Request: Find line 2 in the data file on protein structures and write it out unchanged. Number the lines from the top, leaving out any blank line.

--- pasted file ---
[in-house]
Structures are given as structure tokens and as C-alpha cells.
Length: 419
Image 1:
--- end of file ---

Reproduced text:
Structures are given as structure tokens and as C-alpha cells.